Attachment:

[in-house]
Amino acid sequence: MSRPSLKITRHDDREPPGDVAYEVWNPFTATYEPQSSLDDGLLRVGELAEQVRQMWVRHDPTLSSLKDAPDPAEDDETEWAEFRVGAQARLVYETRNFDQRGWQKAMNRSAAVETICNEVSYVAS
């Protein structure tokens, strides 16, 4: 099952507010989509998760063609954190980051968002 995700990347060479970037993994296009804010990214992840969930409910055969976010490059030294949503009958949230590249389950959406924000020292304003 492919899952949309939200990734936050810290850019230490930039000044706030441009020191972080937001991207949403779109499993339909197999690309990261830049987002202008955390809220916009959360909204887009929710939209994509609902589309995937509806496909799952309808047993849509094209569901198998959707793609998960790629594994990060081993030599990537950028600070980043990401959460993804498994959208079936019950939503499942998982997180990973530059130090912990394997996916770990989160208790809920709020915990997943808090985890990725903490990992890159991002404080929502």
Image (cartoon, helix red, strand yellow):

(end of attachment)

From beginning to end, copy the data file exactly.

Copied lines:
[in-house]
Amino acid sequence: MSRPSLKITRHDDREPPGDVAYEVWNPFTATYEPQSSLDDGLLRVGELAEQVRQMWVRHDPTLSSLKDAPDPAEDDETEWAEFRVGAQARLVYETRNFDQRGWQKAMNRSAAVETICNEVSYVAS
């Protein structure tokens, strides 16, 4: 099952507010989509998760063609954190980051968002 995700990347060479970037993994296009804010990214992840969930409910055969976010490059030294949503009958949230590249389950959406924000020292304003 492919899952949309939200990734936050810290850019230490930039000044706030441009020191972080937001991207949403779109499993339909197999690309990261830049987002202008955390809220916009959360909204887009929710939209994509609902589309995937509806496909799952309808047993849509094209569901198998959707793609998960790629594994990060081993030599990537950028600070980043990401959460993804498994959208079936019950939503499942998982997180990973530059130090912990394997996916770990989160208790809920709020915990997943808090985890990725903490990992890159991002404080929502």
Image (cartoon, helix red, strand yellow):